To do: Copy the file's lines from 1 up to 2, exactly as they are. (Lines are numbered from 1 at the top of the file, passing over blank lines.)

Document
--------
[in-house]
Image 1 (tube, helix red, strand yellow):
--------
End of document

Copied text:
[in-house]
Image 1 (tube, helix red, strand yellow):